BY DAYO ADESULU
The African Energy Chamber is calling on African governments and the judiciary to take actions to shield oil & gas companies and their workers from lawyers trying to take advantage of the Coronavirus pandemic to create instability in the workplace.
While most Africans are trying to cope with the uncertainty and issues of COVID 19 and low oil prices, the Chamber is concerned about trial lawyers that are hungry for big checks at the expenses of oil companies and their workers. In this context, it is critical that the judiciary does its best to limit frivolous labour claims to ensuring the stability and continuity of petroleum operations during these difficult times.
“African oil & gas companies have enough to worry about at the moment, and frivolous lawsuits should not be one of them. This is not the time for lawyers to see our industry as a dairy cow and try to get a big payday at the expense of companies and their workers,” stated NJ Ayuk, Executive Chairman of the African Energy Chamber.
“We cannot love jobs and hate those who create jobs. Protecting jobs and fighting this virus should be our greatest priority. Governments have to send a message that investors and their investments will not be put at risk by greedy lawyers and bureaucrats. For Africa to come out of the twin crisis of low oil prices and the coronavirus stronger than before, we need everyone to show some common sense,” added Ayuk.
African energy companies and services companies operating onshore and offshore need to be given protection from unnecessary litigation. Most companies at the moment are focused on keeping operations intact with the right HSE processes, and ensuring that they can generate revenue for governments and protect the jobs they have created for every day Africans. This should remain a priority.
The Chamber is pleased with the support that is being provided across Africa by oil and gas companies working together with governments across a range of support measures, and it is important to keep resources focused on fighting COVID-19, not lawsuits. The oil sector will remain a pillar in the fight against COVID-19. BP has made a significant financial contribution to the WHO’s COVID-19 Solidarity Response Fund for example, and Dangote Industries has done the same with the Nigerian Private Sector Coalition Against COVID-19. NNPC on its sides has already donated six brand new ventilators to the University of Abudja Teaching Hospital.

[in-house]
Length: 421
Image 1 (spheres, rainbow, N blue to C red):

Shall the situation on our continent worsen, we will be very relieved to have companies with the ability to provide such support the same way Total supports France and Eni supports Italy as thousands of lives are lost. During these times of uncertainty, frivolous lawsuits against petroleum operators and their associates could disrupt the essential role businesses must play in overcoming the crisis and in the recovery.
Consequently, the Chamber calls on governments of oil and gas nations like Nigeria, Equatorial Guinea, Angola, Congo, Gabon, Ghana, Cameroon, South Sudan, Libya, Senegal or Algeria to extend liability protection to medical professionals assisting workers on oil fields, protection from frivolous labour claims, and also assist oil companies with issues arousing out of their inability to honour rotation of employees due to lockdowns.